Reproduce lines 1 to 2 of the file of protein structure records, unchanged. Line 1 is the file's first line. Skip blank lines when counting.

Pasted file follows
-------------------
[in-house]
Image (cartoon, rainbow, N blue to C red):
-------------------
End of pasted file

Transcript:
[in-house]
Image (cartoon, rainbow, N blue to C red):